• Silhouette (Honor and Profit, 30) is more of a niche runner, but a slim deck size grants her consistency, and she’s always a great girl to have around if you’re facing down a lot of Jinteki players using Mushin No Shin (Honor and Profit, 15) to deploy ambushes.
  • Iain Stirling (Honor and Profit, 28) is the strangest of the bunch. A good strategy is to leverage a Hostage (Opening Moves, 4) in the early game to amass a lot of resources, and if the Corporation seizes the opportunity to score first, you then get a huge bonus payout of two credits per turn.

Tricks of the Trade

Criminals are not so much about building towards a powerful rig like their Shaper counterparts. Sure, they claim Desperado is the best console and piece of hardware in the game, and they say they own a few of the best programs as well, but being a Criminal is all about using your tactics to bring the Corporation to their knees.

Account Siphon (Core Set, 18) has been turning the tables on the Corporation’s bankroll for a long time. As Corp players have gotten better at making money, it has dropped off in relative power level, but just the threat of Account Siphon still means that no matter if you’re playing Gabe or Silhouette or some other less-HQ-focused Criminal, defending home base has to be first priority. Few other cards in the game can threaten a fifteen-credit swing, and a well-timed Account Siphon attempt, even if unsuccessful, could cause the Corporation to expend so many credits protecting themselves that their other servers become easy to access.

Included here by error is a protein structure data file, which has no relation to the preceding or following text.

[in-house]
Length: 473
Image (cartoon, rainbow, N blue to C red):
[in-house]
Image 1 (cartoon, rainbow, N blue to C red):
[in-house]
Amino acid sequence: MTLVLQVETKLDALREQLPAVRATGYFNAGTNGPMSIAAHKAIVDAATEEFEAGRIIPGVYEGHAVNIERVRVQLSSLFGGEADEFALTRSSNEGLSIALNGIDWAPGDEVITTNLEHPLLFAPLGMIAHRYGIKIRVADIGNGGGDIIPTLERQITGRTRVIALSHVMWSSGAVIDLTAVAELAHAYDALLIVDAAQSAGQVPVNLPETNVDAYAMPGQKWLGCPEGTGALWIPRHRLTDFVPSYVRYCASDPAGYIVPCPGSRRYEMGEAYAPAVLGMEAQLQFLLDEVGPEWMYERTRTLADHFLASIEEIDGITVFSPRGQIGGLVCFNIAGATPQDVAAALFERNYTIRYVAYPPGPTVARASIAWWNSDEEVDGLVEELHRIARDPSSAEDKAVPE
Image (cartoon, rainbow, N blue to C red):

Inside Job and Emergency Shutdown go hand in hand. Is there a pesky Tollbooth (Core Set, 90) keeping you out of HQ? No problem. Go around, get in, and shut it down. No icebreaker necessary.